by Amb. Dennis Jett
Eleven people died on Saturday. And while the President of the United States and his supporters will vehemently deny it, he is partially to blame.
The eleven were riddled with bullets while I was sitting at home eating breakfast less than a mile away. They were shot by a man carrying three handguns and a military-style assault rifle. Two other people, and four policemen responding to the shooting were wounded.
The eleven who were killed died as they attended services at their synagogue. Their attacker, Robert Bowers, had posted numerous anti-Semitic rants on his social media account, and the assumption was made by many that he was motivated by his hatred of Jews.
While that hatred no doubt is one reason for his crimes, it was not the only one. There are a dozen synagogues in and around the Squirrel Hill neighborhood where he carried out his attack. The killer’s residence is far to the west and only four miles from another synagogue and less than seven miles from a Jewish Community Center. And yet he decided to drive 13 miles to attack the Tree of Life Synagogue in Squirrel Hill.
The reason he chose that particular temple to attack can also be found in his social media posts. He chose Tree of Life because it was working with the Hebrew Immigrant Aid Society. HIAS was established in 1881 to help Jewish refugees fleeing Eastern Europe. Over the years it shifted its focus and, about two decades ago, began to help refugees of different faiths and from other parts of the world.
Less than two hours before he chose to act, Bowers made one last post. He wrote, “HIAS likes to bring in invaders that kill our people. I can’t sit by and watch my people get slaughtered. Screw your optics. I’m going in.”
Whether it is the caravan from Central America, the Muslim ban, building a wall on the border, Trump has made anti-immigrant paranoia and hysteria a fundamental part of his speeches at his endless series of campaign rallies. There is simply no plausible way to ignore the fact that his language validated the perverted and paranoid worldview of Bowers and thereby encouraged his actions. When Trump recently described himself as a “nationalist,” he didn’t even bother with his usual dog whistle. He bellowed his xenophobia and intolerance, and the message to people like Bowers could not have been clearer.
A vigil to honor the dead and wounded was held at the main intersection in Squirrel Hill Saturday night. It was attended by thousands and organized by the students of the local high school. They spoke eloquently about the need to never forget the victims and to do everything possible to prevent such horrible incidents from happening again. But unless they are motivated to organize politically, much like the students from Stoneman Douglas High School did after the mass murder in Parkland, Florida, nothing will change.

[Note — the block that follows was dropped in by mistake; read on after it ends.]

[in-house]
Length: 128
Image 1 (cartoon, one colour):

One thing that could be done would be to make the owners of social media companies civilly and criminally responsible for what is posted on their websites just as newspaper publishers are. They prefer to let algorithms do the work, however, since computer formulas don’t take coffee breaks or ask for time off. But those formulas will also never be really able to filter out the hate and disinformation. Since social media has become an enormous multi-billion-dollar industry, the owners of those companies can now probably buy enough lobbyists and politicians to ensure that that kind of change does not happen.
Another change that certainly will not happen is to treat our national mental illness when it comes to guns. No one needs a military-style weapon whose only purpose is to kill as many people as quickly as possible.
Real change might be possible, however, if it began at the top. Trump has labeled the massacre in Squirrel Hill an “anti-Semitic crime.” When asked about it by reporters, he replied: “It’s a terrible, terrible thing what’s going on with hate in our country and frankly all over the world, and something has to be done.”
He should start by looking in the mirror. He has proven totally incapable of either introspection or taking responsibility for what his rhetoric has wrought. It will, therefore, be up to the voters to begin to take the steps necessary if the future is to be any different. Politicians whose only policy is fear-mongering and who believe the answer to gun violence is more guns are not going to bring about change.
Eleven people died on Saturday. And Donald J. Trump can lie and deny as much as he always does, but some of their blood is on his hands. And it will not wash off until he really does tone it down.
Dennis Jett is a professor in the School of International Affairs at Penn State University. A former career diplomat, he served as ambassador in Peru and Mozambique, on the National Security Council and in Argentina, Israel, Malawi, and Liberia. He is the author of four books published by Palgrave Macmillan.